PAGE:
In 2013 the Consumer Financial Protection Bureau (CFPB) released a guidance document that explained how “dealer markups” can violate the Equal Credit Opportunity Act when those markups have discriminatory effects on minority borrowers. The CFPB provided the guidance to assist financial companies on how to comply with existing law, not to create new requirements.
A “dealer markup” occurs when an auto dealership receives an undisclosed kickback from a lender in exchange for persuading the customer to agree to a higher interest rate than the borrower qualifies for with that lender. While dealer markups inflate the cost of purchasing vehicles for customers from many backgrounds, studies show that markups can be discriminatory because they may result in some minority groups paying higher interest rates on average than white borrowers with similar credit histories.
Instead of helping the CFPB promote fair and transparent auto finance, Congress is now considering resolutions under the Congressional Review Act that would invalidate the CFPB’s guidance on discriminatory auto dealer markups. These resolutions are a dangerous and unconventional use of the Congressional Review Act, which has never before been used to attack an agency’s guidance document that merely interprets existing law.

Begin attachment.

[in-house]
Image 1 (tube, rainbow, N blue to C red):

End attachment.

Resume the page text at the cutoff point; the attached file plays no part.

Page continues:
In this issue brief, CFA:
- Calls on members of Congress to oppose S. J. Resolution 57 (Moran-KS) and H. J. Res. 132 (Zeldin-NY);
- Recommends prohibiting dealer markups that vary dealer compensation based on loan terms other than the amount financed; and,
- Advises consumers to protect themselves from dealer markups by shopping for auto finance in advance with a reputable credit union or bank instead of relying on the sales staff at an auto dealership